Three-year-olds are in a stage of development where they’re just learning the rules for all kinds of stuff. So, for instance, when a kid first learns language as a toddler you’ll notice that they do what scientists call over-regularize. They want everything to be the same.
"That hurted my foots!"
All the past-tenses are with “ed” and all the plurals are with “s” even if that doesn’t actually make correct language. Now I think that what kids do with gender at that same age is kind of similar. They’re just barely getting a grip on the rules and they’re very simplistic, and they’re often kind of superficial. They know things like girls wear pink frilly dresses and boys play in the mud. Girls play with dolls, boys play with trucks.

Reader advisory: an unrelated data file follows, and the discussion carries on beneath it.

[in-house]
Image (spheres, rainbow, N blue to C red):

And because they’re kind of not all the way there on the concepts—most kids can’t even reliably tell you whether they’re a girl or a boy until they’re about two and a half years old—they cling very tightly to these few things that they do know. And they can, you know, little kids, toddlers that age, are really very insistent in a lot of domains about the world being exactly the way they think it is. And they’re the same way about gender. They’ll relax quite a bit and get more flexible as they get older.
In Their Own Words is recorded in Big Think's studio.
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